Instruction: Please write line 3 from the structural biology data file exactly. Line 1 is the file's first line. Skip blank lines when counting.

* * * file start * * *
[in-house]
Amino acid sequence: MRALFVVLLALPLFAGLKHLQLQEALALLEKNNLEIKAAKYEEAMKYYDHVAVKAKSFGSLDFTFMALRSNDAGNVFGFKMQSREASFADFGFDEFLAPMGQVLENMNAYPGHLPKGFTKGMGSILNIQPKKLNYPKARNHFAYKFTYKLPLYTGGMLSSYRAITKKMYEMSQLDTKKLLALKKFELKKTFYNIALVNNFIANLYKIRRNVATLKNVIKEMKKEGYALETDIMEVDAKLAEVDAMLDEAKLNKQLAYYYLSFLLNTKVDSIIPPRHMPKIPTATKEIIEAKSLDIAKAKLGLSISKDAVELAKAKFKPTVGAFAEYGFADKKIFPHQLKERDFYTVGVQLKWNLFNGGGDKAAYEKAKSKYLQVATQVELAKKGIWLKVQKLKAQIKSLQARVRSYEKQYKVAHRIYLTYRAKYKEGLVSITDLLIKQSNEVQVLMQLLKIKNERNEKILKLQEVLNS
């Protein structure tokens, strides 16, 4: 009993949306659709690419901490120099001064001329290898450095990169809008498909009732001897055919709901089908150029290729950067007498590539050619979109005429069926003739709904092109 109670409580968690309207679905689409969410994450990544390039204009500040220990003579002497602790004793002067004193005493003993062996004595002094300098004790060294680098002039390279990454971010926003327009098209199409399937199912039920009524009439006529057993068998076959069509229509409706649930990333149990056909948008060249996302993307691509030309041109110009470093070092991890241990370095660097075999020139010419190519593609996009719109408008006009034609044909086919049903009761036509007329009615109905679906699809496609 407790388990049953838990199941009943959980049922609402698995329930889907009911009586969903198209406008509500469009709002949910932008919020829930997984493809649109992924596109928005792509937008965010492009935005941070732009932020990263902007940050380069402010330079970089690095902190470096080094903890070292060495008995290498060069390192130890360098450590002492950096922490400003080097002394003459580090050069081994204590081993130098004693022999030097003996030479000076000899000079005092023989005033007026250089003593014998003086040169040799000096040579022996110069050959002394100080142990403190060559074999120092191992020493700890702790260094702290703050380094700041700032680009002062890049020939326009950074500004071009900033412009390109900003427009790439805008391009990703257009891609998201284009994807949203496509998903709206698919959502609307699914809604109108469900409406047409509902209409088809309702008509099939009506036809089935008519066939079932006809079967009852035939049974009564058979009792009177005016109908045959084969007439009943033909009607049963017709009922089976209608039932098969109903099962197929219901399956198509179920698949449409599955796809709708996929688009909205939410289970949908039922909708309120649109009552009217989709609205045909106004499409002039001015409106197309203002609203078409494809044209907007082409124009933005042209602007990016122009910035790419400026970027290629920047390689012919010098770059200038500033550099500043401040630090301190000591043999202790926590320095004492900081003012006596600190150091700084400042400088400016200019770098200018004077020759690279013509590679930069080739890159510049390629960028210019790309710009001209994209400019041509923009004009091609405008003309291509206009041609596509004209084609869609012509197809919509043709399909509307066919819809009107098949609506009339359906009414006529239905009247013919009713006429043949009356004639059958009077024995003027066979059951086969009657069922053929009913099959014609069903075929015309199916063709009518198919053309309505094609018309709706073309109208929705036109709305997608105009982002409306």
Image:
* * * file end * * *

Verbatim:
């Protein structure tokens, strides 16, 4: 009993949306659709690419901490120099001064001329290898450095990169809008498909009732001897055919709901089908150029290729950067007498590539050619979109005429069926003739709904092109 109670409580968690309207679905689409969410994450990544390039204009500040220990003579002497602790004793002067004193005493003993062996004595002094300098004790060294680098002039390279990454971010926003327009098209199409399937199912039920009524009439006529057993068998076959069509229509409706649930990333149990056909948008060249996302993307691509030309041109110009470093070092991890241990370095660097075999020139010419190519593609996009719109408008006009034609044909086919049903009761036509007329009615109905679906699809496609 407790388990049953838990199941009943959980049922609402698995329930889907009911009586969903198209406008509500469009709002949910932008919020829930997984493809649109992924596109928005792509937008965010492009935005941070732009932020990263902007940050380069402010330079970089690095902190470096080094903890070292060495008995290498060069390192130890360098450590002492950096922490400003080097002394003459580090050069081994204590081993130098004693022999030097003996030479000076000899000079005092023989005033007026250089003593014998003086040169040799000096040579022996110069050959002394100080142990403190060559074999120092191992020493700890702790260094702290703050380094700041700032680009002062890049020939326009950074500004071009900033412009390109900003427009790439805008391009990703257009891609998201284009994807949203496509998903709206698919959502609307699914809604109108469900409406047409509902209409088809309702008509099939009506036809089935008519066939079932006809079967009852035939049974009564058979009792009177005016109908045959084969007439009943033909009607049963017709009922089976209608039932098969109903099962197929219901399956198509179920698949449409599955796809709708996929688009909205939410289970949908039922909708309120649109009552009217989709609205045909106004499409002039001015409106197309203002609203078409494809044209907007082409124009933005042209602007990016122009910035790419400026970027290629920047390689012919010098770059200038500033550099500043401040630090301190000591043999202790926590320095004492900081003012006596600190150091700084400042400088400016200019770098200018004077020759690279013509590679930069080739890159510049390629960028210019790309710009001209994209400019041509923009004009091609405008003309291509206009041609596509004209084609869609012509197809919509043709399909509307066919819809009107098949609506009339359906009414006529239905009247013919009713006429043949009356004639059958009077024995003027066979059951086969009657069922053929009913099959014609069903075929015309199916063709009518198919053309309505094609018309709706073309109208929705036109709305997608105009982002409306």